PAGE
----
If you’ve suffered a serious injury or your doctor suspects cancer, a CT scan could be lifesaving. But since 1980, the number of those tests done each year has grown from fewer than 3 million to more than 80 million. And recent research suggests that roughly a third of them serve little if any medical purpose.
Researchers estimate that at least 2 percent of all future cancers in the United States — about 29,000 cases each year, resulting in 15,000 deaths annually — are likely to come from the radiation used in CT scans alone. Here’s Consumer Reports’ head-to-toe advice for when CT scans and X-rays are needed — and when they’re not.
The problem: A severe headache may make you worry about a brain tumor, which may make you think you need a CT scan. But that’s rarely true. Most people who seek medical help for head pain have tension headaches or migraines. Although those can be painful, your doctor should be able to diagnose the problem with a medical history and a neurological exam.
When you might need a CT scan: An imaging test might be appropriate if you have an abnormal neurological exam or your doctor can’t diagnose your headache based on your symptoms and an exam. But in most of those cases, you need an MRI, not a CT. That test, which does not expose you to radiation, better detects serious causes of headaches, such as aneurysms and tumors.
The problem: The number of emergency-room visits for head injuries in young children has almost doubled in the past decade, according to the Centers for Disease Control and Prevention. But about a third of the scans done as a result are unneeded, the American Academy of Pediatrics says.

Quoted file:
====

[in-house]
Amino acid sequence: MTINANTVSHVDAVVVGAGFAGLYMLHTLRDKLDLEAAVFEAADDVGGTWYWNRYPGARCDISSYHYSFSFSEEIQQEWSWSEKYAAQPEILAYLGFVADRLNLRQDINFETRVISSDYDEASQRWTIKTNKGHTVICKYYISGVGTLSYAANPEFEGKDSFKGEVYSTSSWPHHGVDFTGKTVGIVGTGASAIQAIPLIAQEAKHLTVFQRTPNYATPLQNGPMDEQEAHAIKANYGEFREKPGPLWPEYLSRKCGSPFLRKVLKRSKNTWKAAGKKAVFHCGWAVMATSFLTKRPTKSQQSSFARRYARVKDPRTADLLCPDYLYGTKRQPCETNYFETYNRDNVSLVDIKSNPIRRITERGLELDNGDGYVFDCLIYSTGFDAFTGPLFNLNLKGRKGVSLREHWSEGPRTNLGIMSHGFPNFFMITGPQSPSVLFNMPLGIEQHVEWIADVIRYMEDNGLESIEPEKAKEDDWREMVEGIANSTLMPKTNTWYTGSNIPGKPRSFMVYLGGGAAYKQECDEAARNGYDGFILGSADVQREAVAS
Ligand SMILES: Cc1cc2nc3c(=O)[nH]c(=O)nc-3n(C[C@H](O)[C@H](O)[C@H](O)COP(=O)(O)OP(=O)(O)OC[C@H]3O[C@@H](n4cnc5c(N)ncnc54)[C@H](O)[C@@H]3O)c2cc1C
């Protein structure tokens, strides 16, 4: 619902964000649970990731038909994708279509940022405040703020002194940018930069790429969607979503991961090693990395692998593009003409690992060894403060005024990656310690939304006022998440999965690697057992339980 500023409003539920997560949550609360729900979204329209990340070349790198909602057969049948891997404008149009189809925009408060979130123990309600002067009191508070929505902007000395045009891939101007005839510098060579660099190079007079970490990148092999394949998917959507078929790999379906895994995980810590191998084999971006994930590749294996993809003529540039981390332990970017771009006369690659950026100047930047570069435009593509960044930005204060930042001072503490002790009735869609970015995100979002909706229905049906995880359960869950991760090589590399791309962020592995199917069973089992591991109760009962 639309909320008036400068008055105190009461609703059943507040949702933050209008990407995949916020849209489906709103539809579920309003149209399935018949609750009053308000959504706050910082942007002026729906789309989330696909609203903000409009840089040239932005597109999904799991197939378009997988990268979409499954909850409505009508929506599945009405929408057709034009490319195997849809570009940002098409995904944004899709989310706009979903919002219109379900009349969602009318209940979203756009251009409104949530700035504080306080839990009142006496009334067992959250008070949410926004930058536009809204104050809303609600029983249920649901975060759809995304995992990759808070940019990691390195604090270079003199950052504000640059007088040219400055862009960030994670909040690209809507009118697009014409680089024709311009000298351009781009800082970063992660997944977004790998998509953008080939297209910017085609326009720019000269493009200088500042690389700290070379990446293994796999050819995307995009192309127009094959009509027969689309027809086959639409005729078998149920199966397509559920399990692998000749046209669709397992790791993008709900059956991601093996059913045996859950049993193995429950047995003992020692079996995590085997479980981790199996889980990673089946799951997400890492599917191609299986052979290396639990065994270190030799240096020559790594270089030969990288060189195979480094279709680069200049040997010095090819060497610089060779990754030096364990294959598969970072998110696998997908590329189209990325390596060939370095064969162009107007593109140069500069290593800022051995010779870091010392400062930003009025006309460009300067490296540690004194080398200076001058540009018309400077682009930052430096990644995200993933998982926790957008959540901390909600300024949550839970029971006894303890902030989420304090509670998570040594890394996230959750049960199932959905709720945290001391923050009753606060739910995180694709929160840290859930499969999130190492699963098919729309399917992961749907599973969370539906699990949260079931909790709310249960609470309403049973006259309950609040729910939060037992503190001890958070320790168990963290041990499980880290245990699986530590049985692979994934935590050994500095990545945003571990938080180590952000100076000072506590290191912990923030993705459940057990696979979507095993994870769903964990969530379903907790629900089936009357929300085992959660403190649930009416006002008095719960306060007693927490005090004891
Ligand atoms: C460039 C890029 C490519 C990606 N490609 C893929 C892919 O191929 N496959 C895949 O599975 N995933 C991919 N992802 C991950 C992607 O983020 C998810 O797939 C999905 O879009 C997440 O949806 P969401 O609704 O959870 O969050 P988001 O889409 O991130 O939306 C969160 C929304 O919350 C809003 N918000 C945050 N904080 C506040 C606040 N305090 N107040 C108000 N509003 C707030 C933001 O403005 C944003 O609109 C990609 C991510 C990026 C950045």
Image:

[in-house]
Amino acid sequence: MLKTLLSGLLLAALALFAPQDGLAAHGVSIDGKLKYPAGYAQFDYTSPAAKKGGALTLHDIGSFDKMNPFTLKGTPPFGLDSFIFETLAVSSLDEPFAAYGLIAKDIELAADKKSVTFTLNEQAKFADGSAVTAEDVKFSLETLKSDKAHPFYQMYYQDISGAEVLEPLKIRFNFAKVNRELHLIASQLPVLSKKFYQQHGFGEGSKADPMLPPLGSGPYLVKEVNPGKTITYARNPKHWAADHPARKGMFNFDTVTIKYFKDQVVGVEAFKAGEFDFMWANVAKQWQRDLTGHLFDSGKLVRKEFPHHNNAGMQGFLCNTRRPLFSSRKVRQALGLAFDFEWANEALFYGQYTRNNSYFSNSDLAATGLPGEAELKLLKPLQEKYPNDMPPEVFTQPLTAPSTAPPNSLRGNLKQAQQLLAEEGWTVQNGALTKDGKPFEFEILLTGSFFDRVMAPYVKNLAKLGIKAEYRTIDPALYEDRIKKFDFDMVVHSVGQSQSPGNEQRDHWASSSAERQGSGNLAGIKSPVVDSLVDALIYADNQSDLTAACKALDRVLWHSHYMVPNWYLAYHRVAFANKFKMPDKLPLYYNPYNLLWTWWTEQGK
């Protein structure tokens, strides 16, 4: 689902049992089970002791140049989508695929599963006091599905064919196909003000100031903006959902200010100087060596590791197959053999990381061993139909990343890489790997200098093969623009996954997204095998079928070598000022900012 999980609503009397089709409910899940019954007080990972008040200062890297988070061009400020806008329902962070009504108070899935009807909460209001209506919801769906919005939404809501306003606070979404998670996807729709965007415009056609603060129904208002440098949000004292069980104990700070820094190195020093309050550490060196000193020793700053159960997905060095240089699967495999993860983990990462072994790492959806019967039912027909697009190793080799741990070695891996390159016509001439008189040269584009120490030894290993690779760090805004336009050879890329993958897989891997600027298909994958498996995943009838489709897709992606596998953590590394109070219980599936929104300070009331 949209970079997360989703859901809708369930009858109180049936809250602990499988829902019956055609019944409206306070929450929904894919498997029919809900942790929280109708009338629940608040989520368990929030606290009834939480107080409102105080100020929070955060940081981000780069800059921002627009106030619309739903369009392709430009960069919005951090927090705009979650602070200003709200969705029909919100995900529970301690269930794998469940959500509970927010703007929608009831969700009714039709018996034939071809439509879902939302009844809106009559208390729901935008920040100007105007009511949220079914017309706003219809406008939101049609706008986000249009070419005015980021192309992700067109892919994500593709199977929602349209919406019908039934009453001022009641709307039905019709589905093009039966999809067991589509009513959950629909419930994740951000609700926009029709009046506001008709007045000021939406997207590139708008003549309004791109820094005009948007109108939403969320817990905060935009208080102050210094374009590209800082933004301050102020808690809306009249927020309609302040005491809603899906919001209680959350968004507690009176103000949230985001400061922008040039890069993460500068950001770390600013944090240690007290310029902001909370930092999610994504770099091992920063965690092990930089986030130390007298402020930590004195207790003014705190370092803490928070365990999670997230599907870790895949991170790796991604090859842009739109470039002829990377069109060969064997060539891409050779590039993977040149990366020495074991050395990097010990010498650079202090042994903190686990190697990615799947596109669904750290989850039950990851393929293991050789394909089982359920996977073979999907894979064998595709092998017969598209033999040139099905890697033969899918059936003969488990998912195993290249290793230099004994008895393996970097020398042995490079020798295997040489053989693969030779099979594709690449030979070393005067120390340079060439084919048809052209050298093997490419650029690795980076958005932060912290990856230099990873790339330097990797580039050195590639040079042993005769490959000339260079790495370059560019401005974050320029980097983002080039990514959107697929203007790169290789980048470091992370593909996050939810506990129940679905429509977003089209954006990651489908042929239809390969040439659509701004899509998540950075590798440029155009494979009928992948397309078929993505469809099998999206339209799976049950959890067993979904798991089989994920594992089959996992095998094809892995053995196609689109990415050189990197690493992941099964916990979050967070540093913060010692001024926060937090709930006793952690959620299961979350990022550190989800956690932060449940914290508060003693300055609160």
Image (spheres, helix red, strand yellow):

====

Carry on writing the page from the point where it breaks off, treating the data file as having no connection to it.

When you might need a CT scan: In most cases, a neurological exam, including questions about the injury and symptoms, can determine whether your child has a minor concussion. Expect a CT scan only after a car crash or a serious accident such as a fall from a bike without a helmet or if the child experiences worrisome symptoms such as confusion, loss of consciousness, weakness or tingling on one side of the body, or loss of hearing or vision.
The problem: Lots of ads pitch CT scans for lung-cancer screening. And it would be great if there were a safe, effective way to detect the disease early, because it’s still the leading cause of cancer deaths in men and women. But research shows that the test is worthwhile only in people with very high lung-cancer risk.
When you might need a CT scan: Lung-cancer screening makes sense for current or former smokers between the ages of 55 and 80 who smoked the equivalent of a pack a day for 30 years.
The problem: Mammograms don’t expose women to much more radiation than a chest X-ray. And they can prevent breast-cancer deaths. But some doctors recommend them more often than necessary or encourage women to start young. That can needlessly expose women to radiation and raises the possibility of false alarms.